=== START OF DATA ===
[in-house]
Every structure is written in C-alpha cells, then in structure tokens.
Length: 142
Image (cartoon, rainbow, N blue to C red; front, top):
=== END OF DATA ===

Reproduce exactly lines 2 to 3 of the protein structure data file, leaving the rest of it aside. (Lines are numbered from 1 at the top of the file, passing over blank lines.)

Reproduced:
Every structure is written in C-alpha cells, then in structure tokens.
Length: 142